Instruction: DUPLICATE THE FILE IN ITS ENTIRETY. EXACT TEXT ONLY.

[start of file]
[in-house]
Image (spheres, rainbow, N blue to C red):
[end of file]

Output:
[in-house]
Image (spheres, rainbow, N blue to C red):